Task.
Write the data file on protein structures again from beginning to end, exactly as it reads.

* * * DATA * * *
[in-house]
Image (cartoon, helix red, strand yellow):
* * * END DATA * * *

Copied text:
[in-house]
Image (cartoon, helix red, strand yellow):